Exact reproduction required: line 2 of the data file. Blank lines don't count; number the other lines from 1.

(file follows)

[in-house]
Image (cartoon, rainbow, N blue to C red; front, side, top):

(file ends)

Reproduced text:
Image (cartoon, rainbow, N blue to C red; front, side, top):